USD’s MEPN students are becoming experts in the art of empathy
Wisps of clouds skitter across a cerulean sky. A sweet breeze brushes past. Birds trill their summertime songs. But Frances is too busy working her upper arms to pay attention to any of that.
“Elbows together,” she instructs Alice Howe and Amanda O’Keefe. “Now stretch.”
Her smile resplendent beneath a floppy white sunhat as she leads the water aerobics session, 80-year-old Frances is likely slowing down her routine for the benefit of these nurses in training. After all, even though they’re at least 50 years younger, they’re just in the pool with her on Tuesdays, and don’t necessarily have the moves down pat. Frances likes to get in at least five days a week for one simple reason: “I feel sooo good afterwards,” she beams. But time to get back to work. “Now circle rolls,” she says, illustrating the proper way to roll one’s shoulders. “Notice when you do the tricep curls, it should feel light coming up, heavy going down.”
Magenta and scarlet bursts of bougainvillea are in full bloom on this perfect summer day. Neatly kept balconies overlook the pool where Frances continues to show Howe and O’Keefe how it’s done. Of course, they, in turn, are also monitoring Frances, making sure that she’s stretching properly, that her breathing is regular, that she’s staying hydrated. Because even though splashing purposefully in a pool is great fun, these USD nursing students are hard at work, and there are many, many miles to go before they sleep.
The Master’s Entry Program in Nursing (MEPN) at USD is a highly competitive, accelerated program that admits around 50 students each year. Students enter with an undergraduate degree in a major other than nursing. While some have degrees in relatively expected fields (neuroscience, biology), others have arrived at this juncture in their lives via more surprising paths (political science, fine arts). After an intense five semesters, they are prepared to sit for the exam required to become a registered nurse, as well as graduate with a master’s degree.
“What’s terrific is that our students come from so many different backgrounds,” explains MEPN Clinical Placement Coordinator and faculty member Kathy Marsh, MSN, RN. “We’ve had an airline pilot, a priest on leave, a videographer. And our students want to be here; these are good students who know how to study. They come into the program with a sense of purpose.”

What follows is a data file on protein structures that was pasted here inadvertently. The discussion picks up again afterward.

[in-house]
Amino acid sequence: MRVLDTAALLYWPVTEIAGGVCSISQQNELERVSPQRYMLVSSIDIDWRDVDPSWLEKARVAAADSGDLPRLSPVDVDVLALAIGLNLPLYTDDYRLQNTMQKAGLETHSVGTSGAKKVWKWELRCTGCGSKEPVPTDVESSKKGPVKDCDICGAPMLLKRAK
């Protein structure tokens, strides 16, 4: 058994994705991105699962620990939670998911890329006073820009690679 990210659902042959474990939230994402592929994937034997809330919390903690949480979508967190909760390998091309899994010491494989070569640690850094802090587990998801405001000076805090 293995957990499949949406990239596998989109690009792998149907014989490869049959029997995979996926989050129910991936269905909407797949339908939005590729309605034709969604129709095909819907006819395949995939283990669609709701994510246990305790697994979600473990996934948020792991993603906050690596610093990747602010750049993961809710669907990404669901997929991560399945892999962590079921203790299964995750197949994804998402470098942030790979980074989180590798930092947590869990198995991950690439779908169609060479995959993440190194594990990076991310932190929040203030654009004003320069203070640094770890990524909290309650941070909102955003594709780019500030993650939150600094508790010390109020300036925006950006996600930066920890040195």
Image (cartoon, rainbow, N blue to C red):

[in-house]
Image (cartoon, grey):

Motivation is key, because the program kicks off at a dead run and doesn’t slow down for the next two years. “Basically, they start with boot camp,” says MEPN Coordinator and Associate Professor Susan Bonnell, PhD, APRN. “By August, they’re assessing patients, and by September they’re working in the hospital doing acute care.”
Last summer, the course of study centered on “care of the family.” Groups of eight were paired with a clinical faculty member; these small groups would visit a particular site at least once a week in order to build rapport and assess clients.
“We like them to stay at the same site in the fall,” explains Bonnell. “At the end of two semesters with one population, they’ve learned so much. It’s great for their résumés, and for the clients as well.”
Students spent one eight-hour shift per week in site rotations that include the retirement community and health center Las Villas de Carlsbad, Rachel’s Women’s Center shelter and Bayside Community Center. “We tell them, ‘Look. You’re a nurse. It’s time to give back to your community,’” says Marsh.
But while outreach throughout the region around USD is a staple of the program, Marsh and Bonnell share a definition of community that includes much of the globe and the entire human family, and they practice every last bit of what they preach.